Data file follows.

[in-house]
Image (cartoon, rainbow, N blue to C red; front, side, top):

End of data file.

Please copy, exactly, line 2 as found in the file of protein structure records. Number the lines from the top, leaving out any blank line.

Image (cartoon, rainbow, N blue to C red; front, side, top):